As a violin restorer, one of my worst fears is fire.
We are incredibly vigilant, at The Stringed Instrument Company – we take more than the usual precautions and we’re always super-alert for any unusual smells.
One of our fire extinguishers in the workshop
There are so many things that can catch alight in a violin workshop, from wood to varnish to all the unusual solvents used in our special recipes for cleaning instruments.
And we’ve never had any problems. Touch wood. (Oops, wood burns really well…)
It’s not just our own hopes and aspirations we’re worried about, it’s the dreams of our repair customers that would go up in smoke along with their beloved instruments.
So I was utterly shocked when I recently came across a news story about a fire in an Oklahoma violin shop – and it was owned by one of my fiddle-playing heroes, Byron Berline.
Byron is an ace musician who not has only dominated the US fiddle scene for over five decades, but recorded with the Rolling Stones, Bob Dylan and Elton John. He judged the Australian Bluegrass Fiddle Championship at Tamworth, the year I won it back in the early 1980’s, and I even got to shake his hand.
His violin shop, which burned down last February, not only contained around 400 violins, but all the memorabilia from Byron’s long career. It’s not hard to see why almost nothing survived.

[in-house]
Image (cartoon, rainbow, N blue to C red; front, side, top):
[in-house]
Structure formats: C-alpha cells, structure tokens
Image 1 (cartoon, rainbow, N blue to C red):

The Double Stop Fiddle Shop in flames
Even the safes, where more precious instruments were kept, were no protection from the heat of the flames.
That’s Byron on the right, trying to find out whether anything had survived.
The story does have a miraculous finish. The last case Byron pulled out from one of the safes contained his treasured 1923 Lloyd Loar Gibson mandolin. When he opened the case lid, he was stunned to find the instrument almost undamaged. It was even in tune – as you can hear on You Tube.
Following the fire, Byron has had a huge amount of support, from music fans through to Oklahoma City officialdom. While mourning the loss of all his “friends”, he and his supporters are determined to see a new fiddle shop rise – almost literally – from the ashes of the last one.
There are precautions you can take too. Make sure your instrument isn’t close to a heater! And pull the plug of your heater out from the wall, to be doubly sure. And, as we all know, smoke alarms are a wonderful thing – check yours are up-to-date!